Core exercises aren't essential for getting rippling abs, athlete Hunter McIntyre told Insider.
The American won the 2022 Hyrox World Championship, displaying prowess in endurance and strength.
He has a six-pack but rarely trains abs, preferring walking, lifting, and strengthening his back.
If you want to develop rippling abs, you don't necessarily need to spend hours doing crunches, sit-ups, and planks, according to world champion athlete Hunter McIntyre.
Resistance training, walking, and eating well can be enough, McIntyre told Insider.
McIntyre won the 2022 Elite Hyrox World Championship on May 14 and holds the world record for the endurance event, which combines running with functional fitness movements such as weighted lunges, farmer's carries, and sled pulls.
The American athlete said he believes you don't need to choose between endurance and strength, and getting in shape should be simple.
McIntyre doesn't do any ab-specific training
McIntyre has a six-pack, but he rarely does dedicated core exercises — he focuses more on strengthening his back and butt to keep his body safe while competing, he said.
Visible abs comes down to being lean enough, he said, which is mostly created through diet, as dietitians and personal trainers have previously told Insider.
"If you want to see abs, you have to take care of it in the kitchen," McIntyre said.
To lose weight healthily and sustainably, aim to eat in a small calorie deficit.
Work hard in the gym and walk
To build abs, McIntyre recommends training "very hard" a few times a week.
"I'm not trying to scare you away, but train with intention, move weight that challenges you, and run on the treadmill faster than you feel comfortable with," McIntyre said.
Having a strong core is important to help prevent injury, and there are various ways to strengthen it: Compound exercises like squats and deadlifts require core engagement, and machines like the rower also work the mid-section, as Insider's Gabby Landsverk reported.
Outside of the gym, McIntyre recommends walking, which experts say can aid weight loss by burning calories while also providing health benefits like improved immune function and reduced risk of coronary heart disease.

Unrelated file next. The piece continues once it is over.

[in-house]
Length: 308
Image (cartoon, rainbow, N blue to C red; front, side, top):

Ultimately, moving in any way will help you get in shape, McIntyre said.
If you don't have gym access, he recommends putting some weight in a backpack and walking up and down a hill, gardening, or doing push-ups and squats while watching TV.
"As long as you're moving, you're going in the right direction," McIntyre said.
Hanging leg raises and cable crunches can help your abs show
While losing fat on your stomach through diet is crucial for showing abs, building the muscles themselves can help them show, as physique coach Cliff Wilson and bodybuilder Sunny Andrews previously told Insider.
To do this, they recommend exercises such as hanging leg-raises and cable crunches.
Add weights to exercises and apply progressive overload too, Wilson said.
Set yourself goals
McIntyre lost his way as a teenager, getting kicked out of various rehabs and struggling to find purpose, he said.
After six months working as a logger in Montana aged 18, not only did he gain 60 pounds of muscle, but he realized he was capable of doing hard things, he said.
In winter in Montana, the temperatures can drop as low as -50°F.
"I froze to death, and from that day on, I got my shit together, I went from a boy to a man," McIntyre said. "Everything I do now is one-tenth of how hard that was."
The experience taught him the importance of pushing yourself and setting goals.
"I think it's important for people to always have a task or something they want to achieve," he said.
Fitness-wise that needn't be extreme, it could simply be getting to a place where you could spontaneously run a 10K with your kids or play a game of rugby with your friends, McIntyre said.
"The other aspect of it is it creates a great-looking body," he said.
Read the original article on Insider